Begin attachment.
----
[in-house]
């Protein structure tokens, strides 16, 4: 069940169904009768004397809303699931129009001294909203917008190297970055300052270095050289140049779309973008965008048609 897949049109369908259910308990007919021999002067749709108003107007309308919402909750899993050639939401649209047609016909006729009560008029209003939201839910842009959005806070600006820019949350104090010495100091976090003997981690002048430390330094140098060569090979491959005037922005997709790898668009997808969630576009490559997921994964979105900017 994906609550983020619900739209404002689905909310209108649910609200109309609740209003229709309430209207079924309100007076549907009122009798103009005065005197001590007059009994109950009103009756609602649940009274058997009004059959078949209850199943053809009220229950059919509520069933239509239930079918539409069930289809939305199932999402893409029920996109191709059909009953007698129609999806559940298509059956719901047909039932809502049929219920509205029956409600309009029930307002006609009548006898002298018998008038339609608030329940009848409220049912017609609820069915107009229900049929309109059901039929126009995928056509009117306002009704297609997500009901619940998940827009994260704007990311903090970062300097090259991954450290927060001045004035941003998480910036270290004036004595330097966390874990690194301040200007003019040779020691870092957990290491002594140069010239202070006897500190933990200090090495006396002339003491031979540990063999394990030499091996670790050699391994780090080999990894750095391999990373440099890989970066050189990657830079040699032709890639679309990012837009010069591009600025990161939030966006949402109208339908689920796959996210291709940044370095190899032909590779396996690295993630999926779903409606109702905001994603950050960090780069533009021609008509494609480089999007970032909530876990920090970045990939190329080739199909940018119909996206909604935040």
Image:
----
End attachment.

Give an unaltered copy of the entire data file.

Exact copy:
[in-house]
């Protein structure tokens, strides 16, 4: 069940169904009768004397809303699931129009001294909203917008190297970055300052270095050289140049779309973008965008048609 897949049109369908259910308990007919021999002067749709108003107007309308919402909750899993050639939401649209047609016909006729009560008029209003939201839910842009959005806070600006820019949350104090010495100091976090003997981690002048430390330094140098060569090979491959005037922005997709790898668009997808969630576009490559997921994964979105900017 994906609550983020619900739209404002689905909310209108649910609200109309609740209003229709309430209207079924309100007076549907009122009798103009005065005197001590007059009994109950009103009756609602649940009274058997009004059959078949209850199943053809009220229950059919509520069933239509239930079918539409069930289809939305199932999402893409029920996109191709059909009953007698129609999806559940298509059956719901047909039932809502049929219920509205029956409600309009029930307002006609009548006898002298018998008038339609608030329940009848409220049912017609609820069915107009229900049929309109059901039929126009995928056509009117306002009704297609997500009901619940998940827009994260704007990311903090970062300097090259991954450290927060001045004035941003998480910036270290004036004595330097966390874990690194301040200007003019040779020691870092957990290491002594140069010239202070006897500190933990200090090495006396002339003491031979540990063999394990030499091996670790050699391994780090080999990894750095391999990373440099890989970066050189990657830079040699032709890639679309990012837009010069591009600025990161939030966006949402109208339908689920796959996210291709940044370095190899032909590779396996690295993630999926779903409606109702905001994603950050960090780069533009021609008509494609480089999007970032909530876990920090970045990939190329080739199909940018119909996206909604935040």
Image: